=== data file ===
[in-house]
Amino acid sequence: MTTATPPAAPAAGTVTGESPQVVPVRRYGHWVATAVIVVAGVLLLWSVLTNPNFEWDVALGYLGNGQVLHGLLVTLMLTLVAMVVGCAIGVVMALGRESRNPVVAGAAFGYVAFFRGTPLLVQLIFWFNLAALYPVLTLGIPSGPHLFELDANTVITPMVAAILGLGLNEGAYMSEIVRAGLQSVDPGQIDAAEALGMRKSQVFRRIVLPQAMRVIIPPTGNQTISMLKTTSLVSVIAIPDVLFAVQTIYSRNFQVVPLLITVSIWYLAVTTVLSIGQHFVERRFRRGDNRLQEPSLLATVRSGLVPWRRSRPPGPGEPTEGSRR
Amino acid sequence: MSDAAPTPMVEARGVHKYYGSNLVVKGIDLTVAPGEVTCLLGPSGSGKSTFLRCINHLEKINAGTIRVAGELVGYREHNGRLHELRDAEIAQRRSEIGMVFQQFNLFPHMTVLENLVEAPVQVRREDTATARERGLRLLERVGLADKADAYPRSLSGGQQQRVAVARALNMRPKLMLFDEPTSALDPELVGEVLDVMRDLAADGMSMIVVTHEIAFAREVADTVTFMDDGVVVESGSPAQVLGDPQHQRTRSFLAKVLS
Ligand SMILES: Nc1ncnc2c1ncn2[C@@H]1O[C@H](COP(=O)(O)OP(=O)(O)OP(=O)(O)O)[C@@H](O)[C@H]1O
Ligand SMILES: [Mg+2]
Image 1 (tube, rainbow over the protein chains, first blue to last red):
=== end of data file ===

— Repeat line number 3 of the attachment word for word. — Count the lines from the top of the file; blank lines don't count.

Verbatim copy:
Amino acid sequence: MSDAAPTPMVEARGVHKYYGSNLVVKGIDLTVAPGEVTCLLGPSGSGKSTFLRCINHLEKINAGTIRVAGELVGYREHNGRLHELRDAEIAQRRSEIGMVFQQFNLFPHMTVLENLVEAPVQVRREDTATARERGLRLLERVGLADKADAYPRSLSGGQQQRVAVARALNMRPKLMLFDEPTSALDPELVGEVLDVMRDLAADGMSMIVVTHEIAFAREVADTVTFMDDGVVVESGSPAQVLGDPQHQRTRSFLAKVLS